architectural platform with multiple components covered in grass. a human laying down at the center
PHOTO: Martin Reisch

Today’s marketers are faced with a variety of challenges, from having to master new technologies and platforms to the limitations in how their multichannel marketing technologies handle customer data management and customer analytics. Digital experience platforms (DXPs) present one effective approach to simplifying the growing number of applications they use to build and execute campaigns by consolidating tools for email marketing, personalization and the customer journey measurement and analysis. However, successful marketing and ad campaigns are only as good as the customer data being used for segmentation, personalization, ad attribution and more. This is why a customer data platform (CDP) can act as such a foundational component of a DXP.

CDPs and the Data Silo Dilemma

A DXP that includes a CDP provides marketers a single view of customers across every channel informed by analytics and machine learning. This allows them to pool their data to engage with customers effectively and consistently. Without this “single source of truth,” built from a cleansed, resolved, persistent customer record, marketing teams must take action off of inaccurate or incomplete data, which leads to the lack of clear customer insights necessary to drive more strategic, and more impactful, campaigns that meet business goals.

When a DXP contains a CDP, marketers stand to benefit in a variety of ways. For one, it helps solve the challenge of data silos. Without a DXP, the data that would be siloed in content management systems, CRM platforms, personalization and email marketing programs, which are generally disconnected, meaning the data lives in different databases, leading to less than stellar customer experiences.

One example of how this disconnect sets up a marketing or ad campaign for failure is through ineffective segmentation, which is at the heart of all marketing efforts. Using inaccurate or incomplete customer data also leads to inferior customer experiences due to poorly built segmentation efforts. Bad customer segments can manifest when customers are put into the wrong “bucket” and are then targeted with ads for products meant for an older demographic, for example. Not only does this reflect poorly on brands, it could also negatively affect customer loyalty over the long run.

A DXP is most effective at managing content, delivering experiences and ensuring relevance when it is built on a foundation of data and customer intelligence. A CDP combines data from online and offline sources, which is already cleansed, deduped, etc. This cleansed single customer view is shared with DXP applications to power campaigns at scale. This leads to much more personalized and highly relevant campaigns and seamless customer interactions through a variety of marketing channels, including:

  • Personalization — Better data fuels unparalleled insight and understanding of customers to orchestrate more authentic and personalized campaigns.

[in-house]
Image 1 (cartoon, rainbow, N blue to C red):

• Email — The data record used for email marketing campaigns can be better optimized for geographic location, for example, or to create segments based on who has or hasn’t purchased products recently.
  • Advertising — The data that powers segments for social ads can be refined to opt-out specific individuals who may have already purchased a specific item.

Related Article: Is That New CDP Truly a Customer Data Platform?

Remain Open to New Options

Most DXPs are really just a conglomeration of single-point solutions that do not integrate easily with other technologies or applications outside their own closed ecosystems. Not only do closed platforms make integrating with a mature CDP next to impossible, this type of DXP inhibits free-flowing customer data because the various tools are still disconnected from each other. This means customer data remains siloed and harder to access by marketers (if at all), driving up costs for companies that must use their own IT resources or consultants to create even basic integrations to stitch the pieces of the martech stack together.

Open DXPs, which are built as an API-first solution, provide marketers with more options, and along with the added support of a CDP, can confidently deploy highly relevant campaigns, gain deeper and better insight to customer behavior and leverage these insights across all future ad and marketing campaigns. Rather than focusing time and resources on integrating disparate data sources into one bucket, marketers can do what they do best: create engaging customer experiences that are designed to forge long-term brand loyalty.

Related Article: Beyond CDP and Bust: The Looming CDP Reality

Ready for What's Next

An open DXP approach can help future-proof a business. As we develop new ways to connect with customers and they become the next big thing (Alexa anyone?), marketers will be able to assess these trends and adopt those deemed more than just a flash-in-a-pan, moving more quickly to integrate new technologies and platforms. The ability to quickly jump on new trends and technologies are second nature to open systems, and open DXPs and the CDPs that support new and novel approaches to increasing customer engagement and delivering more relevant experiences are where marketers and brands can shine for years to come.